I was midway through drawing this napkin this morning when I realized I have a problem. No, not my ‘have to run to the bathroom problem’, another problem. This one revolves around this quote. Within a well-balanced person this quote can take hold and be of value. You try to find the best in others, but because you want to be improving as you move forward in life, you know it’s a good idea to be aware of and figure out how to cope with, your vices. You already know your virtues, you don’t really need to go searching for them.
But I don’t live in a world of well-balanced people. I live in a world of terribly imbalanced people. How so you ask? Because so many of the people I know are already obsessed with their vices and ‘flaws’. That is all they see in themselves. They see the speck of dust in the corner of the room, not the entire beautiful home they live in. They see the pinch of fat on their tush, not the great shape they are in. They are obsessed with guilt about what they did or didn’t do, how they don’t match up, why they haven’t accomplished what they want, how they let someone down, how they look.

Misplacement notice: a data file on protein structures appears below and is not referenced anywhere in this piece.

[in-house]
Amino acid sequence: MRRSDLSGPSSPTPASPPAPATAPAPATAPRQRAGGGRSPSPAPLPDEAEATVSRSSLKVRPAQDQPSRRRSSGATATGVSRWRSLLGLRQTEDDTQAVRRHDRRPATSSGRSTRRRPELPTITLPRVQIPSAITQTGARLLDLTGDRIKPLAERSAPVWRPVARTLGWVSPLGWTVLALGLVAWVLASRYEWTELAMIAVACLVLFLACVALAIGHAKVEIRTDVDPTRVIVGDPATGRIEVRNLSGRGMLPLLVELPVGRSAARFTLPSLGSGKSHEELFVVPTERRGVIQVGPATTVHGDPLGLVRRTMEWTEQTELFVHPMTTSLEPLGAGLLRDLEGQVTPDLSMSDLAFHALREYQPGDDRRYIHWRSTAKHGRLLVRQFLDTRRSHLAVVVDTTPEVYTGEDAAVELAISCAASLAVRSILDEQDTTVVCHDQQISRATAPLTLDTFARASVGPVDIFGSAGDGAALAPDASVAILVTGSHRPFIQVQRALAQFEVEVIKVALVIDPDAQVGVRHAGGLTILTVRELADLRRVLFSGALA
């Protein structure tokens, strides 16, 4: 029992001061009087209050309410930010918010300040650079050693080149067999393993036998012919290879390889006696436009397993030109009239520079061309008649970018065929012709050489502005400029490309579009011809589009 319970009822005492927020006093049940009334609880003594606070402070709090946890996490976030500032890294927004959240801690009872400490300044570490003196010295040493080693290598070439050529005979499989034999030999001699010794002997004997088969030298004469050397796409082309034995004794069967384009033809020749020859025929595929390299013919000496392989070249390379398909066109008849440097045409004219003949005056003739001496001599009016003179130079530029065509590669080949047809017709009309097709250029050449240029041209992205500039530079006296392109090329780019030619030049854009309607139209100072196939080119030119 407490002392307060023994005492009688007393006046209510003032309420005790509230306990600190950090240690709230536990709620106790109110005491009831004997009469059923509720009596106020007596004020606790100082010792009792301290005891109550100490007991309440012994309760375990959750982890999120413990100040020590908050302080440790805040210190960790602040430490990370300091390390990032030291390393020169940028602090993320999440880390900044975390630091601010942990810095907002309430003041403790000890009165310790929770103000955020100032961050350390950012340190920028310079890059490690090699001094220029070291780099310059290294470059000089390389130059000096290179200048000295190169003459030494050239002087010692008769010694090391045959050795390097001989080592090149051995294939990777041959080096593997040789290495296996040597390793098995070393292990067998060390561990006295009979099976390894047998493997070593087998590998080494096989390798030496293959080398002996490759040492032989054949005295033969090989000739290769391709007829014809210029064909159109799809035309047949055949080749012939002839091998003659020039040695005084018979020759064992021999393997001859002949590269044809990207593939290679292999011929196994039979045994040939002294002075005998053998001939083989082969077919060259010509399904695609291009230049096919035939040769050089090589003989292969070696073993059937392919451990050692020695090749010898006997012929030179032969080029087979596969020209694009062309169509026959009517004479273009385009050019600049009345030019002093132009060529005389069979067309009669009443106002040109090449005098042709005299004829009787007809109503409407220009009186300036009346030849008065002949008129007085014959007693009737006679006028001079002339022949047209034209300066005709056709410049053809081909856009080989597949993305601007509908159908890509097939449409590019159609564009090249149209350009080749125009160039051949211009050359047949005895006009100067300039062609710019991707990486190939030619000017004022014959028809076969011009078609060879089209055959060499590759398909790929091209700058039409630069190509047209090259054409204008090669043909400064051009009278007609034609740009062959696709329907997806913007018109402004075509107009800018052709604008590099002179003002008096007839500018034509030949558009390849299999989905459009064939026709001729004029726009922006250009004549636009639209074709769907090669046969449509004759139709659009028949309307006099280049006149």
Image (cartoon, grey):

They don’t see their value, their contribution, their beauty (inner and outer), their humor, their impact, their wisdom, their sexiness, their progress. The reflection in their mirror is not the flower they are.
Can I, or you, do anything about this? I sometimes think I can, and other times I think whatever I do will be minimal at best. But we really only have 3 choices, right? 1) we can ignore it, just let it be. 2) we can agree with them, backing up their skewed version of reality. 3) We can do our best to help them see what they can’t see themselves, yet.
I choose #3. I will always choose #3. If I am successful in helping them, cool. If I am not, I know I have tried and perhaps my effort might still help out further down the road, the way lessons to a child often are understood many years later in life.
Drawing and commentary by Marty Coleman of The Napkin Dad Daily
Quote by Benjamin Franklin, 1706-1790, American printer, publisher, writer, politician, scientist, inventor, statesman, soldier, and diplomat. If you want to read of a great man, you can do no better than finding out more about Mr. Franklin. I recommend the biography ‘The First American‘ as a good starting point.